This country is in a huge mess on so many issues in large part because way too many people have been listening to people like Smerky telling us for the last 30 years or so that government is absolutely useless. It's long past time to ignore these idiots because they were every bit as wrong then as they are now.

  • Further (and in another example of highly questionable news judgment), the Bucks County Courier Times gave this story the banner front page treatment today…

    Republican Congressmen Mike Fitzpatrick and Charlie Dent are questioning the worthiness of a conservative group's scorecard that ranks the "Congressional appetite to cut spending."

    The data released last week by Heritage Action, a sister organization to Heritage Foundation, rated votes on 21 of more than 100 amendments that followed House Bill 1, which included $61 billion in cuts.
    Yep, as far as the Courier Times is concerned, the most important story of the day is the response of Republican congressional representatives to a right-wing think tank’s criticism of their spending votes in Congress.

    And news organizations wonder why both younger actual voters and prospective ones don’t read newspapers.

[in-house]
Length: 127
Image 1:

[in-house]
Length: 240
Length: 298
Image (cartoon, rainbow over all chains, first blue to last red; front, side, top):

The story lists some of the headline-grabbing defunding votes, including $447 million in Amtrak funding (sponsored by Pete Sessions - wonder if they talked about this during their “TV swearing-in”?) – the Center for Budget and Policy Priorities provides more here on the typically ridiculous effort of the Repugs to plunge this country back into economic chaos.

    And as you might expect, congressional Dems Bob Brady and Chaka Fattah rated a zero from Heritage for wisely voting No to all of the cuts. But take a guess as to who got the highest rating of 90 from all of our area congressional reps?

    Why, it would be this guy (continue to take a bow, all of you PA-16 numbskulls who insist on sending this meat sack back to Washington every two years to vote No and return absolutely nothing to your district).

  • In addition, the New York Times ran a profile over the weekend of David Koch and his contribution to cancer research (here); he gave a speech opening the new David H. Koch Institute for Integrative Cancer Research at the Massachusetts Institute of Technology, which he gave $100 million to help build.